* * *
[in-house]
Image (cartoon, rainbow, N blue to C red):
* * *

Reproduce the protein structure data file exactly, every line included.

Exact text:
[in-house]
Image (cartoon, rainbow, N blue to C red):